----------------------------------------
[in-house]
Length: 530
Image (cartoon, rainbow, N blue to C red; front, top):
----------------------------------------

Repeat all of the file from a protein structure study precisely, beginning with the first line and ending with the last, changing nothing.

[in-house]
Length: 530
Image (cartoon, rainbow, N blue to C red; front, top):